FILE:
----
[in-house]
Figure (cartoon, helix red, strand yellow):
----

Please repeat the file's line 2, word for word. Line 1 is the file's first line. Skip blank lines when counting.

Figure (cartoon, helix red, strand yellow):